Social sciences, Politics
Length:
2,121 words

...and confidence in the ability of Keynesians to “fine-tune” the economy to a noninflationary full-employment track reached its all-time high. Keynesianism fared less well in the 1970s, even though a conservative U.S. president—Richard M. Nixon —proclaimed that “we are all Keynesians now.” The stagflation of those years—in which unemployment coexisted with rising inflation rates—was a reality that could not readily be explained within the framework of the Keynesian model. Indeed, in the eyes of critics of Keynesianism, the very application of this doctrine...

Keynesianism

Keynesianism   Reference library

William J. Barber

The Oxford Companion to International Relations

Reference type:
Subject Reference
Current Version:
2014
Subject:
Social sciences, Politics
Length:
2,118 words

...and confidence in the ability of Keynesians to “fine-tune” the economy to a noninflationary full-employment track reached its all-time high. Keynesianism fared less well in the 1970s, even though a conservative US president—Richard M. Nixon—proclaimed that “we are all Keynesians now.” The stagflation of those years—in which unemployment coexisted with rising inflation rates—was a reality that could not readily be explained within the framework of the Keynesian model. Indeed, in the eyes of critics of Keynesianism, the very application of this doctrine...

Keynesianism

Keynesianism   Reference library

William J. Barber

The Oxford Companion to Comparative Politics

Reference type:
Subject Reference
Current Version:
2012
Subject:
Social sciences, Politics
Length:
2,122 words

...and confidence in the ability of Keynesians to “fine-tune” the economy to a noninflationary full-employment track reached its all-time high. Keynesianism fared less well in the 1970s, even though a conservative US president—Richard M. Nixon—proclaimed that “we are all Keynesians now.” The stagflation of those years—in which unemployment coexisted with rising inflation rates—was a reality that could not readily be explained within the framework of the Keynesian model. Indeed, in the eyes of critics of Keynesianism, the very application of this doctrine...

Keynesianism

Keynesianism   Reference library

William J. Barber

The Oxford Companion to American Politics

Reference type:
Subject Reference
Current Version:
2012
Subject:
Social sciences, Politics, Regional and Area Studies
Length:
2,131 words

...of academic Keynesians and chaired by Walter Heller—successfully orchestrated a tax cut to attack unemployment and to raise the economic growth rate at a time when the federal budget was in deficit. The early results went according to expectation, and confidence in the ability of Keynesians to “fine-tune” the economy to a noninflationary full-employment track reached its all-time high. Keynesianism fared less well in the 1970 s, even though a conservative US president— Richard M. Nixon —proclaimed that “we are all Keynesians now.” The stagflation of...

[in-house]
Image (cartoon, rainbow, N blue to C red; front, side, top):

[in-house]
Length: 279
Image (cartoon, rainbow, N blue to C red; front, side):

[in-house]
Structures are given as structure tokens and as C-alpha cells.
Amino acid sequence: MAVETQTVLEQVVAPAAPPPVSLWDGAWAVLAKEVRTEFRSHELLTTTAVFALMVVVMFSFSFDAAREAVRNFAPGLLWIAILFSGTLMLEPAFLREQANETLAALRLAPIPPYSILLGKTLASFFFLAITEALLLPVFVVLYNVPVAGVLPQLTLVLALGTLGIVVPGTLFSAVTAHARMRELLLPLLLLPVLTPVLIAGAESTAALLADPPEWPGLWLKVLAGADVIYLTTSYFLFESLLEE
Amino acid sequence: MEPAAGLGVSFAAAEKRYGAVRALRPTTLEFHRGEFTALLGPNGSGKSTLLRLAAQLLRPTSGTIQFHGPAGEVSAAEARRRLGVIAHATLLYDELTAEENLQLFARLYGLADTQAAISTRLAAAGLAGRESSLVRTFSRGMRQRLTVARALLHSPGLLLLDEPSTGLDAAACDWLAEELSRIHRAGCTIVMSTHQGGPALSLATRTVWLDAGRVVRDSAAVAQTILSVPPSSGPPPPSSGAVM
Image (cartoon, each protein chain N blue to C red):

Keynesianism

Keynesianism   Reference library

Oxford Encyclopedia of the Modern World

Reference type:
Subject Reference
Current Version:
2008
Subject:
History, Contemporary History (post 1945)
Length:
1,056 words

...and full employment. Military spending is politically less controversial (military Keynesianism). Keynesianism was born in a period of deep economic depression and rose to prominence in government economic policies after World War II. The immense war effort had demonstrated that raising effective demand promotes economic growth. A new depression was expected to be exploited politically by the communist camp, which had emerged as a rival power. Keynesianism led government and private institutions, particularly in Western Europe and the United States,...

military Keynesianism

military Keynesianism   Reference library

The Oxford Essential Dictionary of the U.S. Military

Reference type:
Subject Reference
Current Version:
2002

...Keynesianism a version of the macroeconomic theories of the economist John Maynard Keynes which holds that military spending by the so-called military-industrial complex is one means of using fiscal policy to manage the national...

Keynesianism

Keynesianism   Reference library

Brewer's Dictionary of Modern Phrase & Fable (2 ed.)

Reference type:
Subject Reference